Let your knowledge blossom
Welcome to Radio Prague's Czech teaching programme exploring idioms about farm crops and domestic plants. Today's is the last episode, and as of next week we'll be looking at wild flora. In today's lesson we focus on garden flowers and pot plants.
A flower is Czech is květina. It is related to the word kvést - to blossom. In metaphorical use it also means to thrive, to prosper.
If you say about someone, especially a girl, that she is skleníková květinka - a hothouse plant - it means she is delicate and touchy. On the other hand, děvče jako karafiát, a girl like a carnation, is a healthy, rosy-cheeked young thing. Být jako růžička, to be like a rose, means to be pretty, healthy, and flushed. If somebody blushes too much in an embarrassing situation, we can say zrudl jako pivoňka - he turned red like a peony, or, to use an English idiom, he became red as a beetroot. We can also say a person's face is as red as a poppy - rudý jako mák.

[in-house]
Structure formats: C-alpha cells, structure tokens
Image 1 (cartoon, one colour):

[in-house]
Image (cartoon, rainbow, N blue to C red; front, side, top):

Beautiful, long and blond hair can be compared to flax, vlasy jako len, flaxen hair.
The white lily is a symbol of innocence in many cultures around the world. The Czechs, too, say nevinný jako lilie, as innocent as a lily. The lily is also a delicate flower which wanes quickly. Zvadnout jako lilie - is to wilt like a lily.
Back to the generic word květina. There is a saying in Czech ženu ani květinou neuhodí - you must not hit a woman, even with a flower.
And finally, Czech has a similar idiom to the gloomy English expression "to push up daisies". The Czech saying goes čuchat kytky zespoda - to smell at flowers from underneath, meaning to be dead and buried.
And on that murky note we'd better end today's lesson. We'll be back next week with a brand new short series on idioms about wild plants. Until then na shledanou.